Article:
PORTICO I: Low 1-Year Mortality With Repositionable TAVR Valve in OUS Experience

The rate of new pacemaker was 21.3%, which is akin to what has been reported in similar patient populations with both Evolut R and Sapien 3.

PORTICO I: Low 1-Year Mortality With Repositionable TAVR Valve in OUS Experience

SAN DIEGO, CA—A study designed to look at early commercial experience with the Portico self-expanding transcatheter aortic valve outside the United States shows low rates of all-cause and cardiovascular mortality at 1 year, as well as a low risk of disabling stroke. While about one in five patients required a pacemaker, the investigators say that compares favorably with similar newer-generation valves when used in elderly populations at relatively high surgical risk.

The data confirm that the repositionable, self-expanding  Portico valve (Abbott), which comes in four sizes (23 mm, 25 mm, 27 mm, and 29 mm) is safe and efficient in a large real-world population, said Lars Søndergaard, MD (University of Copenhagen, Denmark), in a briefing with the media here prior to his presentation in the Late-Breaking Clinical Science session at TCT 2018. The study was simultaneously published in the Journal of the American College of Cardiology.

"It's a very flexible system, a very forgiving system if you have tortuous anatomy or horizontal aorta," he added.

The Portico valve holds CE Mark in Europe but is still being studied in a US pivotal IDE trial.

Good Procedural Success, Outcomes

For PORTICO I, Søndergaard and colleagues included 941 patients from 61 sites across Europe, Canada, and Australia as part of a postmarketing study. All patients were at increased surgical risk as deemed by a heart team. The majority of the elderly patients enrolled in the study were female, and the cohort was at median to high surgical risk, with a mean STS score of 5.8. Two-thirds were NYHA functional class III or IV, and 85% met criteria for frailty.

Procedural success was 96% and conscious sedation was used in 75.5%. Approximately 90% of cases involved preprocedural balloon aortic valvuloplasty (pre-BAV), as recommended by the manufacturer, and 43% involved post-BAV.

Among the 717 patients with available 1-year follow-up data, all-cause mortality (the primary endpoint) was 12.1%. Cardiovascular death was 6.6%, and the stroke rate was 2.2%. The majority of strokes occurred in the first 30 days, with only 0.6% of all strokes occurring between 30 days and 1 year, Søndergaard noted during his presentation. MI occurred in 2.5%.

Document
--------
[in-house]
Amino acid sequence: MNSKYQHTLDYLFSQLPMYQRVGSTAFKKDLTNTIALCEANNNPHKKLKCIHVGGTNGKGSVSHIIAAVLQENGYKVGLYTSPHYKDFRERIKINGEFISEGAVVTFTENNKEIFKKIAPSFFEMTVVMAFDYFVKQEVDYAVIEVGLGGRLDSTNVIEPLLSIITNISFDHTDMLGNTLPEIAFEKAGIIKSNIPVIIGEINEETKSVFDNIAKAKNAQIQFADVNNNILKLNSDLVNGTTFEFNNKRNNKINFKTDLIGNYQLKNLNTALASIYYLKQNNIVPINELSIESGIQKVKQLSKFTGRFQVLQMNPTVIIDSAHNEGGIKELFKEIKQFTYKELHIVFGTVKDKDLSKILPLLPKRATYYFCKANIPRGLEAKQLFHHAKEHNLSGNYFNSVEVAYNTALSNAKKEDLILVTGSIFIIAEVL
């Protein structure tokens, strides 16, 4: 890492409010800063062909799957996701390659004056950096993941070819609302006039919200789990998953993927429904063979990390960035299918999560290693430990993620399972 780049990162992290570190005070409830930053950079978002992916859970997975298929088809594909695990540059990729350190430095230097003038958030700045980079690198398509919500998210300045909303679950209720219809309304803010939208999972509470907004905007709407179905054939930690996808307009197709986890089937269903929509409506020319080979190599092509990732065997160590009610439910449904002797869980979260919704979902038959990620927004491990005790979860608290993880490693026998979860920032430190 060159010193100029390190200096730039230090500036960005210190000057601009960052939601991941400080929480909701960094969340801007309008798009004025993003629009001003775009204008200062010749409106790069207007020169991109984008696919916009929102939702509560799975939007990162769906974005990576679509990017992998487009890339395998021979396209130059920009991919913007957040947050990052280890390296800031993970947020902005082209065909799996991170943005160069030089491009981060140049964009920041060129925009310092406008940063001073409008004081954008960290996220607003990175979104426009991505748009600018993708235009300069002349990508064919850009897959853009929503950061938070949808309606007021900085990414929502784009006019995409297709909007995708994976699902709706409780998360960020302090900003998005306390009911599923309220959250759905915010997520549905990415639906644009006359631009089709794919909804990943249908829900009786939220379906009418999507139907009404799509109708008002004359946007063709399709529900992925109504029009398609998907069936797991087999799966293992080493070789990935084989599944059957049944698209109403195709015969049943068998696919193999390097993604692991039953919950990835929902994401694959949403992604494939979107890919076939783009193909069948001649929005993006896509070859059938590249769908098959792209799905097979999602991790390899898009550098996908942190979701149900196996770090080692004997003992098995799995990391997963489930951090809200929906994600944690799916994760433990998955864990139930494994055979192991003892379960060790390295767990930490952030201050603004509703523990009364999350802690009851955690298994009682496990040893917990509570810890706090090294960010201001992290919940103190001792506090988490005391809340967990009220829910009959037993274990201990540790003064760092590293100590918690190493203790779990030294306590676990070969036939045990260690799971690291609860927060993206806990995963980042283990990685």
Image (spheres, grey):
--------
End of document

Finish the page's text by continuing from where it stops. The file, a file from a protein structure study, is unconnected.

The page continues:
Hemodynamic performance was good, with mean aortic gradient decreasing from 50 mm Hg before the procedure to 8.7 mm Hg by 1 year. Effective orifice area, meanwhile, was a mean of 0.7 cm2 at baseline, increasing to 1.8 cm2 by 30 days and remaining durable out to 1 year (1.7 cm2).

Like the 30-day follow up, the 1-year results showed no cases of severe paravalvular leakage. However, paravalvular leaks were moderate in 2.6% of patients at 1 year, mild in 67.9%, and none or trace in 29.5%.

Half of all patients had improved by one functional class by 1 year, while 23% improved by two functional classes.

“After implant, there have been no reports of infective endocarditis, coronary occlusion, valve thrombosis, nor of structural valve failure that needed intervention through 1 year,” Søndergaard and colleagues note in their paper. In a multivariate analysis, preexisting kidney disease, heart failure, history of MI, mitral regurgitation, NYHA class IV, and length of hospitalization after the index procedure were all independent predictors of 1-year mortality.

Experience Needed to Bring Down Pacemaker Rates

Notably, the rate of new pacemaker at 1 year was 21.3%, up from 18.7% at 30 days. In his presentation, Sondergaard noted that the FORWARD study, which is investigating Evolut R (Medtronic), and also the Source 3 study, which is investigating the Sapien 3 (Edwards Lifesciences)—both new-generation TAVR devices—also had rates of new pacemaker that were fairly high at 22.1% with Evolut R and 15.3% with Sapien 3 in real-world populations similar to those of PORTICO. Still, he acknowledged that fewer new pacemakers is an important goal as newer devices roll out and become incorporated into practice.

“In the elderly population it's not uncommon to need a pacemaker, and we've come to accept that,” panelist Raj Makkar, MD (Cedars-Sinai Medical Center, Los Angeles, CA), said in an interview with TCTMD following the presentation. “But also what we know is that the pacemaker rates can be brought down by refining the procedure.”

Makkar added that as operators gain more experience with this and other new-generation valves, “you would expect the pacemaker rates to go down.”

Sources
Disclosures
  • Søndergaard reports consultant fees and an institutional research grant from Abbott (formerly SJM).

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